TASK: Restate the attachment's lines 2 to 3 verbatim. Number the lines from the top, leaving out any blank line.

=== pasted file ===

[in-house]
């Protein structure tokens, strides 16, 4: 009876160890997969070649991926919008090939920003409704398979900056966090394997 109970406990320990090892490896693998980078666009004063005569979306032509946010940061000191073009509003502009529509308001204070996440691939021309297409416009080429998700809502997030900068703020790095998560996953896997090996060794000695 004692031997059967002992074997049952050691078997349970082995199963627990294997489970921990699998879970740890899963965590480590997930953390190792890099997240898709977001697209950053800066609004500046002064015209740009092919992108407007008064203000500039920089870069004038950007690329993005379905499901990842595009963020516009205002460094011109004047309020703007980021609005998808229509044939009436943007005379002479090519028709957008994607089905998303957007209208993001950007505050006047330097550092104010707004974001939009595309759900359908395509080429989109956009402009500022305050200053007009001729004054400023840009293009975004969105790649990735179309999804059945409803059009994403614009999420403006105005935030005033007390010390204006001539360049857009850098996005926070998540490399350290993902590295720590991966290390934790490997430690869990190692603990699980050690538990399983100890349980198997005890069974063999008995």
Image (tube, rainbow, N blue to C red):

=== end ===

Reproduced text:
């Protein structure tokens, strides 16, 4: 009876160890997969070649991926919008090939920003409704398979900056966090394997 109970406990320990090892490896693998980078666009004063005569979306032509946010940061000191073009509003502009529509308001204070996440691939021309297409416009080429998700809502997030900068703020790095998560996953896997090996060794000695 004692031997059967002992074997049952050691078997349970082995199963627990294997489970921990699998879970740890899963965590480590997930953390190792890099997240898709977001697209950053800066609004500046002064015209740009092919992108407007008064203000500039920089870069004038950007690329993005379905499901990842595009963020516009205002460094011109004047309020703007980021609005998808229509044939009436943007005379002479090519028709957008994607089905998303957007209208993001950007505050006047330097550092104010707004974001939009595309759900359908395509080429989109956009402009500022305050200053007009001729004054400023840009293009975004969105790649990735179309999804059945409803059009994403614009999420403006105005935030005033007390010390204006001539360049857009850098996005926070998540490399350290993902590295720590991966290390934790490997430690869990190692603990699980050690538990399983100890349980198997005890069974063999008995």
Image (tube, rainbow, N blue to C red):